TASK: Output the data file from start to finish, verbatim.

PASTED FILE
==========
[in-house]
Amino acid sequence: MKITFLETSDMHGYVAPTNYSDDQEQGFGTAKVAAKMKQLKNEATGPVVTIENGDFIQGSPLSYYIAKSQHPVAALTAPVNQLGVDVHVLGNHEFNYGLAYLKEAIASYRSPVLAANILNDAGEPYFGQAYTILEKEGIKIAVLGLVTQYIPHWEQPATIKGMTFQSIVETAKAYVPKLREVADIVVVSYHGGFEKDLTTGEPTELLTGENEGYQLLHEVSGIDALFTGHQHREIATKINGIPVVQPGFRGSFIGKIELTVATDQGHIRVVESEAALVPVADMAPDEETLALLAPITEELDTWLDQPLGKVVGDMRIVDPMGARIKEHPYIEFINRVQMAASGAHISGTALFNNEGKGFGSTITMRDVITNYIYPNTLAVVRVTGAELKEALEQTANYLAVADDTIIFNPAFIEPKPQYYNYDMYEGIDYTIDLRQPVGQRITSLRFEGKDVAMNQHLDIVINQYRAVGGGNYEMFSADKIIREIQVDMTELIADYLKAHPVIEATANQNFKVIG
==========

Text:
[in-house]
Amino acid sequence: MKITFLETSDMHGYVAPTNYSDDQEQGFGTAKVAAKMKQLKNEATGPVVTIENGDFIQGSPLSYYIAKSQHPVAALTAPVNQLGVDVHVLGNHEFNYGLAYLKEAIASYRSPVLAANILNDAGEPYFGQAYTILEKEGIKIAVLGLVTQYIPHWEQPATIKGMTFQSIVETAKAYVPKLREVADIVVVSYHGGFEKDLTTGEPTELLTGENEGYQLLHEVSGIDALFTGHQHREIATKINGIPVVQPGFRGSFIGKIELTVATDQGHIRVVESEAALVPVADMAPDEETLALLAPITEELDTWLDQPLGKVVGDMRIVDPMGARIKEHPYIEFINRVQMAASGAHISGTALFNNEGKGFGSTITMRDVITNYIYPNTLAVVRVTGAELKEALEQTANYLAVADDTIIFNPAFIEPKPQYYNYDMYEGIDYTIDLRQPVGQRITSLRFEGKDVAMNQHLDIVINQYRAVGGGNYEMFSADKIIREIQVDMTELIADYLKAHPVIEATANQNFKVIG